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Schwindy's indie music spotlight: Sassparilla (double album)



Not many bands come out with a double album these days. While Sassparilla hasn't necessarily released a double album in the true sense of the term, it has released two albums simultaneously. One is called Pasajero and one is called Hullabaloo.
Pasajero is a real interesting album. It begins with "Overture", which is as close to Morphine as I've heard in a long time. The mood of this song is as interesting as the sound. When you hear it, you feel like it should be sung in a dark, smoky basement by a bearded guy with a beret and a black turtleneck.

Pasajero/Hullabaloo are available now
Fluff & Gravy Records

"What the Devil Don't Know" is another jazzy tune, but this one feels more like a Tom Waits song - particularly from Mule Variations. It's part jazz and part rock, but is generally hard to classify into any one category. While this album is pretty unpredictable, "Peaches" is a very unexpected song. With the organ and guitar, this sounds like a 70s rock song. It certainly is a change of pace from the songs that precede it.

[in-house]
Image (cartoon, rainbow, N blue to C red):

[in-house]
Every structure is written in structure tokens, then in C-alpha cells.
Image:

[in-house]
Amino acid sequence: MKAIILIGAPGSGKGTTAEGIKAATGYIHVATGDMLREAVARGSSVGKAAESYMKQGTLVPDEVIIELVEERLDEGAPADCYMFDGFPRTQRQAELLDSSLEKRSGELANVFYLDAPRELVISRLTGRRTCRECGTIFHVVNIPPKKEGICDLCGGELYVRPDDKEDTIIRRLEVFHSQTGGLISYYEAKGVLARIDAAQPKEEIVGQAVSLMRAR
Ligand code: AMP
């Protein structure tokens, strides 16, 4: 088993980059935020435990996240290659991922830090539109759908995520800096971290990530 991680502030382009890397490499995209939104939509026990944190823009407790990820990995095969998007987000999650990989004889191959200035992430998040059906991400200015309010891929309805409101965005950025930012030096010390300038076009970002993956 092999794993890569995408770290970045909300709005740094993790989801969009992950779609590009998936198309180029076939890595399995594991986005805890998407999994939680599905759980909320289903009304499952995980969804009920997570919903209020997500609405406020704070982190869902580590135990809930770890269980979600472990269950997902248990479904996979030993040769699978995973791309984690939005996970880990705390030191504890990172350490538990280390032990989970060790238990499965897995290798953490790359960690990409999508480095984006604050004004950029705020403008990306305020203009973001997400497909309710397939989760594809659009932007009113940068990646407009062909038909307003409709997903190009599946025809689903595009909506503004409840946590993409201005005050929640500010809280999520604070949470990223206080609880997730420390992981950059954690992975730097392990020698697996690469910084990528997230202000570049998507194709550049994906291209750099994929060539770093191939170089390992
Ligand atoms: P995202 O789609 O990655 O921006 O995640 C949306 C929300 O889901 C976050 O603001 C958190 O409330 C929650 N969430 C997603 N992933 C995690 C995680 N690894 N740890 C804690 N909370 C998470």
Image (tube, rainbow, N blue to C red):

Hullabaloo begins with "Through the Fence". This is a song that begs to be played on a front porch with a jug of moonshine at the feet of whomever is playing it. While the songs on the first album are intricate and layered, this is just guitar and vocals and what sounds like a foot tapping on wood. One thing is sure with Sassparilla. The band does not want you to know what's coming next on this double album. That being said, the first three songs of Hullabaloo are the first three songs on the double album that come close to being predictable. After the first album that brings Tom Waits and Soul Coughing to mind, the beginning of Hullabaloo have a country blues feel to them. While the entire album can't be described as country blues, the harmonica is prominent - especially throughout the first few songs.

This is rare even for a double album. From one song to the next, you can never be sure of what's coming next. Sassparilla manages to incorporate a variety of styles to always keep you guessing. This album is just as much for the fan of Tom Waits as it is for the fan of country blues. Check this double album out if you - like the cast of Monty Python - are looking for "Something completely different".